|Publication number||US6718888 B2|
|Application number||US 09/803,681|
|Publication date||Apr 13, 2004|
|Filing date||Mar 12, 2001|
|Priority date||Apr 11, 2000|
|Also published as||US7735430, US7963235, US8210107, US20010029874, US20040168618, US20080066658, US20110017106|
|Publication number||09803681, 803681, US 6718888 B2, US 6718888B2, US-B2-6718888, US6718888 B2, US6718888B2|
|Inventors||Scott Arthur William Muirhead|
|Original Assignee||Nextreme, Llc|
|Export Citation||BiBTeX, EndNote, RefMan|
|Patent Citations (41), Non-Patent Citations (2), Referenced by (146), Classifications (34), Legal Events (10)|
|External Links: USPTO, USPTO Assignment, Espacenet|
The present application claims priority under 35 U.S.C § 119(e) based on U.S. Provisional Application No. 60/196,127 filed Apr. 11, 2000.
This invention relates to industrial platforms and in particular to plastic pallets with improved features and characteristics preferably constructed according to triple sheet thermoforming methods.
Wooden stringer pallets are the preferred materials of pallet construction within the North American distribution system. Four hundred (400) million new or refurbished wooden pallets are introduced into a distribution system comprising 1.9 billion pallets each year, according to the US Forest Service.
Plastic pallets have been used to replace wood pallets with some degree of success over the past several years. Plastic pallets have a low market share however because they suffer from one significant disadvantage in that they are considerably more expensive than a comparable wooden pallet. Thermoplastic materials constitute a significant proportion of the total cost of a plastic pallet, and a given amount of relatively expensive plastic material is required to produce a pallet with a measure of load-bearing strength that is comparable to wooden pallets. Therefore, the plastics industry is attempting to overcome the initial price difference that exists between wooden and plastic pallets, so that the plastics industries can gain more market share.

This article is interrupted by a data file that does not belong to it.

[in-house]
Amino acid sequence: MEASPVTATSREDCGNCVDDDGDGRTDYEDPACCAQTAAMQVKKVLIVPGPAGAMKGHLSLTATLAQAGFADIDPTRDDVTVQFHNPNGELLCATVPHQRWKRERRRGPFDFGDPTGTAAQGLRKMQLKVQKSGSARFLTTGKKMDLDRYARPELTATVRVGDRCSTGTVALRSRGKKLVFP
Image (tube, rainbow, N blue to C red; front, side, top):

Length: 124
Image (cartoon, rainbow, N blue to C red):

Approximately 4 to 6 percent of the annual North American production of pallets are in the form of plastic pallets. Increasing the strength while utilizing less material is an important object of the plastics industry. The plastic industry however has reached a plateau. Only marginal, rather than significant break through in increased strength to weight ratios have been anticipated using conventional methods of the plastics industry.
The twin sheet thermoforming sector of the plastics industry has captured a share of the plastic pallet market disproportionate to its share of the overall plastics industry. Accordingly, it may be suggested that the art of thermoforming is a competitively and comparatively advantageous starting point for the development of new break through plastic pallet methodologies.
The “standard” 48×40-inch wooden stringer pallet has a dynamic load bearing performance specification of 2,800 pounds. This load bearing specification is the benchmark against which plastic pallets are compared. In order to meet this specification in thermoformed plastic, a combination of two (×2) twin sheet pallet members have been proposed. Two twin sheet members are combined to provide what in known in the material handling industry as a rackable plastic pallet.